ISHR Reading Weekend 2019

Blog post written by Sarah Leith

The Burn
Photo Credit: The Burn Scotland

The second weekend in April is always hotly anticipated by members of the University of St Andrews’ Institute of Scottish Historical Research (ISHR). Every year, a group of staff, students and guests descends upon The Burn, which is a country house situated on the outskirts of Edzell, a Georgian planned town straddling the border between Angus and Aberdeenshire. What they have been eagerly awaiting all year is ISHR’s annual reading weekend, the main event in the calendars of every University of St Andrews Scottish historian and historian-in-training. Always full of fascinating papers covering all aspects of Scottish historical studies, this year’s reading weekend was no exception. The ISHR reading weekend provides the perfect opportunity for PhD students to present their research in front of their peers and lecturers in a comfortable and informal setting. It also allows these students to listen to and to engage with the research currently being conducted by members of staff within the School of History. So, what happened this year?

On Friday evening, the attendees having devoured The Burn’s supply of scones alongside very welcome cups of tea and coffee, the proceedings of ISHR’s reading weekend enjoyed a propitious start in the form of Dr Derek Patrick’s introductory lecture. In his paper entitled ‘‘Probably at no time in its history has the popularity of the regiment been so emphatically demonstrated’: The Black Watch and Kitchener’s New Army, 1914-15’, Dr Patrick provided his audience with an extremely interesting account of the Black Watch’s volunteers at the beginning of the First World War. The talk was followed by lively discussion and questions abounded. For the rest of the night, The Burn’s guests settled in front of the roaring coal fire to catch up with each other, as well as to listen to Masters research student Jack Abernethy’s beautiful renditions of traditional fiddle music. Many thanks to Jack for bringing along his fiddle!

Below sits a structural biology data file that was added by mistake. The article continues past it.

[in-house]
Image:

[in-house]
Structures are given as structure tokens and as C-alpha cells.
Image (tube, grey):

Dr Derek Patrick giving the 2019 reading weekend introductory lecture